Other names:  autosomal recessive congenital ichthyosis (ARCI); lamellar ichthyosis (LI)

OMIM: 242300

Inheritance: autosomal recessive in most cases

Incidence: 1:200,000

Key findings:
  • skin: generalized flat, polygonal, dark, often large (>1cm) scales; palms and soles usually thickened; variable redness under scales; ectropion usually present; may have clinical overlap with ARCI-CIE type due to shared gene mutations 
  • hair: no shaft abnormalities; alopecia has been reported in some cases
  • nails: usually normal; may become dystrophic
Associated findings: usually none

Age at first appearance: birth, usually as collodion baby

Long-term course: lifelong; skin appearance may evolve early in life but generally stable thereafter;  increased susceptibility to bacterial and fungal infections of skin; heat intolerance may be a problem for some

Diagnostic tests: genetic testing of blood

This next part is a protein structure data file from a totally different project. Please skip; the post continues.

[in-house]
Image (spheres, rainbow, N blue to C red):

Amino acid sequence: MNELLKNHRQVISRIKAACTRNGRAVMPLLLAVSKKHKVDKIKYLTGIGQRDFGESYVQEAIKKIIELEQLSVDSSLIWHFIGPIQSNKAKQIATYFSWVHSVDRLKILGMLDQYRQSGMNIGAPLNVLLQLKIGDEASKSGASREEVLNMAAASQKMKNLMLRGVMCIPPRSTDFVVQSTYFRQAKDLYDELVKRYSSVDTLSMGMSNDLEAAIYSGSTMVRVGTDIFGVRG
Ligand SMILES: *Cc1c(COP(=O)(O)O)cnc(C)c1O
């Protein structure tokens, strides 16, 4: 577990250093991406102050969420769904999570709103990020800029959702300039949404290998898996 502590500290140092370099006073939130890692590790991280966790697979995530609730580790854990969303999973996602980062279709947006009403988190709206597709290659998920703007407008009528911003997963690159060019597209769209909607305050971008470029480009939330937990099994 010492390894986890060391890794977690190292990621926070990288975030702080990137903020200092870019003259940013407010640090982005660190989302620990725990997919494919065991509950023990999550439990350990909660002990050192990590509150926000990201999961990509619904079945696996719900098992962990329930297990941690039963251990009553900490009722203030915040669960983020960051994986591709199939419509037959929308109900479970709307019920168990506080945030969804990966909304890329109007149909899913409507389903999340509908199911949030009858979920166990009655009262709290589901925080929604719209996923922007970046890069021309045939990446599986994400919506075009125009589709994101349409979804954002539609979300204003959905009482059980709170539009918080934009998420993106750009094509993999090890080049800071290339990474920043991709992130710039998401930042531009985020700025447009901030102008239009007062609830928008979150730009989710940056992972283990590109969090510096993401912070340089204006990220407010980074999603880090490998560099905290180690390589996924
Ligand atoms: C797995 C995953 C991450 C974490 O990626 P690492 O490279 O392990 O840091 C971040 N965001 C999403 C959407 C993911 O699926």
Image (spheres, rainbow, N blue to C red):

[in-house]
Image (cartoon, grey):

Abnormal gene(s): transglutaminase 1 (TGM1) in many cases; mutations also reported in ATP-binding cassette sub-family A member 12 (ABCA12), cytochrome P450 4F22 (CYP4F22), and ichthyin (NIPAL4).























Clinicians seeking to confirm a diagnosis should visit FIRST's TeleIchthyosis site to submit a case to experts in ichthyosis.

To learn more about ARCI-lamellar type ichthyosis, follow this link.

Learn more about FIRST's Regional Support Network -  connecting affected individuals and families with each other. Or call the FIRST office at 800.545.3286.

This information is provided as a service to patients and parents of patients who have ichthyosis.  It is not intended to supplement appropriate medical care, but instead to complement that care with guidance in practical issues facing patients and parents.  Neither FIRST, its Board of Directors, Medical & Scientific Advisory Board, Board of Medical Editors nor Foundation staff and officials endorse any treatments or products reported here.  All issues pertaining to the care of patients with ichthyosis should be discussed with a dermatologist experienced in the treatment of their skin disorder.

Share This Page: